HOSTETTER, Lawrence 1886-1933
HOSTETTER, CRESWELL, EBERT
Posted By: Tammy (email)
Date: 9/10/2015 at 15:53:47
Lawrence Hostetter Died Suddenly Fri. From Heart Failure
Lawrence Hostetter died suddenly from heart failure at his home three miles east of Grundy Center Friday morning. He was getting up and was putting on his clothes when he was stricken in his bedroom and the end came immediately.
Funeral services were held at the Presbyterian church in Grundy Center Sunday afternoon and they were largely attended. Rev. R. B. Fisher had charge of the services. The members of the Odd Fellows lodge attended the services in a body and had charge of the services at the grave. Burial was by the side of the wife in the Reinbeck cemetery.
A male quartet of the church consisting of Messrs. Seyb, Mamminga, Haren and Larson sang. Miss Emma Kliebenstein was pianist. The pallbearers were from his own neighbors.
Those present from out of the county were Mrs. Van Bradford and Harvey Hostetter of Wayne, Neb.; his brothers, Lau and John of Chicago; Mr. and Mrs. Robert Wiley and family, and Robt. Creswell of Albion, Iowa.
Lawrence Hostetter, son of Abram and Sarah Ebert Hostetter, was born June 17, 1886, at Blaine, Pa. There he spent his boyhood days.
He was married to May Creswell Feb. 11, 1915. She died Dec. 5, 1918.
Mr. Hostetter was one of ten children. There were three sisters and six brothers who lived. One son died in infancy. Those of the family now living are: His mother William, Mrs. R. A. Seymore, Lau, Ralph and John. He was preceded in death by his father, his brother, M. Luther, and two sisters, Mrs. Anna Stum and Mary Alice.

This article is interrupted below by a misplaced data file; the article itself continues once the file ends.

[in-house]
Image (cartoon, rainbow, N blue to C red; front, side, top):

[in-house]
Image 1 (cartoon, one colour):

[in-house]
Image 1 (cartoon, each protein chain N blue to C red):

Mr. Hostetter was a member of the Odd Fellows.
Mr. Hostetter was very fond of children, although his own home was not blessed with any. Children in turn loved him as their friend.
The passing of Mr. Hostetter was very sudden and unexpected. He had reached the age of 46 years, 8 months and 7 days, when his early sun sank from sight while it was thought he was in his afternoon of life.
The text used by the minister was Psalm 87:6, "When he writeth up his people." The following poem was read:
What can it mean: Is it aught to him
That the nights are long and the days are dim?
Can he be touched by the griefs I bear
Which sadden the heart and whiten the hair?
Around His throne are eternal calms,
And bliss unruffled by any strife,
How can He care for my little life?
And yet I want Him to care for me
While I live in this world where sorrows be,
When the lights die down from the path I take,
When strength is feeble and friends forsake,
When love and music, that once did bless
Have left me to silence and loneliness;
And my long-long changes to sobbing prayers
Then my life cries out to a God that cares.
When shadows hang o'er me the whole day long
And my spirit is bowed with shame and wrong;
When I am not good, and the deeper shade
Of conscious sin makes my heart afraid,
And the busy world has too much to do
To stay on its course to help me through
And I long for a Savior--can it be
That the God of the universe cares for me?
Oh, a wonderful story of deathless love,
Each child is dear to that heart above,
He fights for me when I cannot fight,
He comforts me in the gloom of night,
He lifts the burden for He is strong
He stills the sigh and awakes the song;
The sorrow that bows me down he bears
And loves and pardons, because he cares.
Let all who are sad take heart again,
We are not alone in our hour of pain.
Our Father stoops from his throne above
To soothe and quiet us with his love;
He leaves us not when the storm is high
And we have safety when he is nigh.
Can it be trouble that he doth share?
Oh, rest in peace, for the Lord doth care.
--The Grundy Register (Grundy Center, Iowa), 2 March 1933, pg 1
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